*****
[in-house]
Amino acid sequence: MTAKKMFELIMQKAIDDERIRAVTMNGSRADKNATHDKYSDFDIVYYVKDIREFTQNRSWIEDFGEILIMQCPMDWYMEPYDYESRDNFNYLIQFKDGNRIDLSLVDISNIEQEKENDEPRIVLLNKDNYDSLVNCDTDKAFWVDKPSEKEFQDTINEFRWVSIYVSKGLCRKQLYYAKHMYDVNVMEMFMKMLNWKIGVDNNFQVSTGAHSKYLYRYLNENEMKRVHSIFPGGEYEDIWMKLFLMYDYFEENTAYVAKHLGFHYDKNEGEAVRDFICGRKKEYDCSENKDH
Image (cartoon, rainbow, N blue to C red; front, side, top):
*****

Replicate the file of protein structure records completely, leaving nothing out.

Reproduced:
[in-house]
Amino acid sequence: MTAKKMFELIMQKAIDDERIRAVTMNGSRADKNATHDKYSDFDIVYYVKDIREFTQNRSWIEDFGEILIMQCPMDWYMEPYDYESRDNFNYLIQFKDGNRIDLSLVDISNIEQEKENDEPRIVLLNKDNYDSLVNCDTDKAFWVDKPSEKEFQDTINEFRWVSIYVSKGLCRKQLYYAKHMYDVNVMEMFMKMLNWKIGVDNNFQVSTGAHSKYLYRYLNENEMKRVHSIFPGGEYEDIWMKLFLMYDYFEENTAYVAKHLGFHYDKNEGEAVRDFICGRKKEYDCSENKDH
Image (cartoon, rainbow, N blue to C red; front, side, top):